Patents are not necessarily the cause of soaring drug prices. Remember Martin Shkreli, a hedge fund manager who bought a drug company that made drugs for rare diseases and quickly raised prices by 5,000%? A scandalous incident. There was global anger when the price of the drug Dalaprim soared from $ 13.50 to $ 750 per tablet. There is no patent for this drug, but four years later, it is sold at the same exorbitant price because there are no competing manufacturers. Due to the limited number of patients with Dalaprim, it is impossible for new manufacturers to enter the market.
Now the new drug has diminished the shame of Dalaprim. It is a CDCA that treats patients whose liver does not produce any of the primary bile acids, leading to critical conditions that cause neurological problems, seizures and even dementia. For the past half century, it has been relatively easy to treat such patients with off-label use (used for diseases other than those listed in official approval) Chenofalk at a cost of € 500 per year.
In 2008, Leadiant acquired the rights to Chenofalk and developed its own version known as CDCA Leadiant. Then in 2014, very cleverly, he got the EU to classify that version as an "orphan drug", giving Leadiant exclusive sales rights for 10 years. Shortly thereafter, he increased the price of CDCA Leadiant to approximately 150,000 euros for a one-year course of treatment! The similarities to Daraprim are surprising, but the latter is not an orphan drug.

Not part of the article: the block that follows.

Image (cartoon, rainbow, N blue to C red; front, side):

Orphan drugs are used to treat serious medical conditions that affect a small number of patients. For example, it would be a disease that affects less than 1 in 2,000 people in the EU and less than 1 in 1,000 people in the US. Due to limited numbers Drugs. Incentives are very important for the pharmaceutical industry to find new drugs. In the case of CDCA Leadiant, a deceptive approach was applied in that it was possible to obtain pharmaceutical benefits for orphans without participating in research and development.